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Re: Ideographic Space, word-spacing, and justification

From: Steve Deach <sdeach@adobe.com>
Date: Fri, 31 Oct 2008 13:50:26 -0700
To: Asmus Freytag <asmusf@ix.netcom.com>
CC: Martin Duerst <duerst@it.aoyama.ac.jp>, "KOBAYASHI Tatsuo(FAMILY Given)" <tlk@kobysh.com>, fantasai <fantasai.lists@inkedblade.net>, WWW International <www-international@w3.org>, Paul Nelson <paulnel@winse.microsoft.com>, Michel Suignard <michel@unicode.org>
Message-ID: <APACMAILAX7Ur5qWn3G00000d92@apacmail.pac.adobe.com>
Exactly what I said under WSA/WSR. In some languages, this is used for
emphasis.

There are ³country² differences, ³language² differences, ³script², and ³wild
hare² (random designer-/instance-specific) differences in everything related
to text composition (styling & layout).
(However, 20+ years ago, no one was very careful about those distinctions;
so I think I used [or intended to use] script/language in the message below
to indicate the distinctions were fuzzy. The same comment applies to
³letter², ²character², vs. ³glyph²; so read my email using the traditional
³fuzzy² definitions vs. the current ones.)

On 2008.10.31 12:46, "Asmus Freytag" <asmusf@ix.netcom.com> wrote:

> An aside on "letterspacing":
> 
> The use of this is language dependent! (Not just script dependent).
> 
> In German, it the use of increased letterspace for  e m p h a s i s
> (like this) has traditionally been used with both Fraktur and roman
> style fonts. The practice is apparently still alive and well, because
> you find it use in electronic forums on the web - a rather modern use of
> text. Letterspacing, unless kept below very tight thresholds, is
> therefore c o n f u s i n g  to readers expecting it to denote emphasis.
> 
> Other Northern European languages may have similar issues, but I don't
> have first hand knowledge of current practices.
> 
> A./
> 
> On 10/31/2008 12:04 PM, Steve Deach wrote:
>> Every few years this issues comes back up. Unfortunately, I can't find the
>> rather long treatise I wrote the last time.
>> 
>> In general, I agree with Martin, that one should use styling properties as a
>> replacement for most of the "layout" uses of space characters (just as one
>> should use tables in place of most uses of tabs). That said, I would like to
>> briefly summarize the traditional (pre-DTP) handling of spaces and spacing,
>> and comment on "what I believe" to be the correct handling.
>> 
>> Second, I agree that the handling of letterspacing and wordspacing varies by
>> script and in some cases usage within a script, due to historic/cultural
>> differences in preferences/aesthetics, or specific readability requirements
>> for the usage, and the aesthetic desires of the designer.
>> 
>> 
>> 
>> This is a partial reconstruction of my prior emails on this topic.
>> 
>> My terminology:
>>   "Spacing" an adjustment to the distance between 2 glyphs/characters.
>>   "Space" a character which has a width but no visible inked representation.
>>   "Letterspacing" an adjustment to the intercharacter spacing used for
>>      line justification. [This definintion differs from CSS's.]
>>   "Wordspacing" an adjustment to the width of an interword space, also
>>      used for line justification.
>>   "WhiteSpaceAddition/Reduction (WSA/WSR)" a uniform adjustment to
>>      intercharacter spacing that is applied for design purposes or
>>      emphasis. [This corresponds most closely to the CSS-2.0 definition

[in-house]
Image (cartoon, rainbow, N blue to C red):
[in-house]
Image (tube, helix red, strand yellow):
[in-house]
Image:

>>      of letterspacing. Most DTP applications call this "Tracking".]
>>   "Tracking" and adjustment to intercharacter spacing which varies by
>>      fontsize/pointsize that is used to increase readability when
>>      optical sizing is not provided by the font. [This traditional
>>      definition differs from that used in most DTP applications.]
>> 
>> 
>> In setting Roman text:
>>   Letterspacing is not generally applied to Arabic (and other
>> connected-letter scripts/languages, nor to connected letter ("script") faces
>> in Roman-derivative scripts)
>>   Letterspacing is not generally applied to ideographic or similar
>> monospaced scripts, nor to monospaced text in Roman-derivative environments.
>>   Traditional applications varied widely in the algorithms used for
>> weighting how much of a justification adjustment was applied to wordspacing
>> vs to letterspacing. Most modern systems treat them as linear-proportional.
>>   Traditional publishing applications were also at odds over whether the
>> letterspacing adjustment AND the wordspacing adjustment should both be
>> applied to the space/NbSp characters, but most modern systems apply both.
>>   The Unicode NbSp (u+00a0) character should be treated the same as the
>> Unicode Space (u+0020). [In traditional publishing systems, these are
>> variable width in justified lines and fixed width in "aligned", tabular, and
>> math uses. However, some traditional publishing systems treat all space
>> characters prior to the first non-space in a line as fixed width.]
>>   The FigureSpace (u+2007), and PunctuationSpace (u+2008) are treated the
>> same way the corresponding figure '0' and punctuation period/full stop would
>> be treated in the current layout context (justified vs
>> aligned/tabular/math).
>>   Some traditional publishing systems had a quad-space and a
>> justifying-space (sometimes called a 'spaceband' rather than 'justifying
>> space'). Use of the quad-space within justified text would force the fixed
>> nominal-width of the normal interword space character, disabling
>> justification adjustments. This encoding concept has no analogy in Unicode.
>>   All other space characters {EM-space, EN, EM-quad, EN-quad, 3/EM, 4/EM,
>> 6/EM, Thin, & Hair} are treated as fixed width and are not adjusted for
>> letterspacing nor for wordspacing. (Traditional publishing systems used
>> these for alignment/layout and did not generally apply tracking nor WSA/WSR
>> either.)
>> 
>> Ideographic languages/scripts do not generally use wordspacing or